Journal of stroke and cerebrovascular diseases: the official journal of National Stroke Association 02/2012; 21(2):131-42.
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    ABSTRACT: There is some evidence that hyperglycemia increases the rate of poor outcomes in patients with intracerebral hemorrhage (ICH). We explored the relationship between various parameters of serum glucose concentrations measured during acute hospitalization and hematoma expansion, perihematomal edema, and three month outcome among subjects with ICH. A post-hoc analysis of a multicenter prospective study recruiting subjects with ICH and elevated systolic blood pressure (SBP) ≥170 mmHg who presented within 6 h of symptom onset was performed. The serum glucose concentration was measured repeatedly up to 5 times over 3 days after admission and change over time was characterized using a summary statistic by fitting the linear regression model for each subject. The admission glucose, glucose change between admission and 24 hour glucose concentration, and estimated parameters (slope and intercept) were entered in the logistic regression model separately to predict the functional outcome as measured by modified Rankin scale (mRS) at 90 days (0-3 vs. 4-6); hematoma expansion at 24 h (≤33 vs. >33%); and relative perihematomal edema expansion at 24 h (≤40 vs. >40%). A total of 60 subjects were recruited (aged 62.0 ±15.1 years; 56.7% men). The mean of initial glucose concentration (±standard deviation) was 136.7 mg/dl (±58.1). Thirty-five out of 60 (58%) subjects had a declining glucose over time (negative slope). The risk of poor outcome (mRS 4-6) in those with increasing serum glucose levels was over two-fold relative to those who had declining serum glucose levels (RR = 2.64, 95% confidence interval [CI]: 1.03, 6.75). The RRs were 2.59 (95% CI: 1.27, 5.30) for hematoma expansion >33%; and 1.25 (95% CI: 0.73, 2.13) for relative edema expansion >40%. Decline in serum glucose concentration correlated with reduction in proportion of subjects with hematoma expansion and poor clinical outcome. These results provide a justification for a randomized controlled clinical trial to evaluate the efficacy of aggressive serum glucose reduction in reducing death and disability among patients with ICH.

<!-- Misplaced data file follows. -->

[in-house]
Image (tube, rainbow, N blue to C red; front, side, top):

Neurocritical Care 05/2011; 15(3):428-35. · 3.04 Impact Factor
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    ABSTRACT: Site activation activities, including institutional review board and contract approvals, are an integral part of multicenter clinical trials. Our objective was to report the time invested in completing the required site activation activities. Data from our experience are relevant for planning purposes by prospective coordinating centers in optimizing time and financial resources. We analyzed data from the Antihypertensive Treatment of Acute Cerebral Hemorrhage trial, which collected details about the activities and time in hours involved with initiating each site. We determined the amount of time required for each of the following start-up tasks: site assessment and protocol feasibility, contract finalization and approval, institutional review board approvals, regulatory files, and protocol training for site investigators and coordinators. We also calculated the number of months expended to complete all of the required tasks from initial site assessment to readiness for enrolling participants. Data from all 12 clinical sites were analyzed. The average time for a site to complete all activities was 196 hours over the course of 11 months. The completion process ranged from a period of 6-22 months among the sites because of varying site-specific edits, available staff, and other delays. The contracts and budget portion of the site activation process was considerably more time intensive than the other activities. Furthermore, a negative correlation existed between the number of months to initiate a site and the number of participants that site enrolled. Analysis of the data from the Antihypertensive Treatment of Acute Cerebral Hemorrhage trial suggests that the time required to prepare a site for readiness to enroll participants is considerable. Allotting sufficient time for completion of site start-up activities is crucial to positioning clinical coordinating centers to succeed in meeting enrollment goals in harmony with established timetables. Clinical trial registration: ClinicalTrials.gov identifier NCT00415610.
    Journal of Neuroscience Nursing 05/2010; 42(3):E17-E22. · 0.76 Impact Factor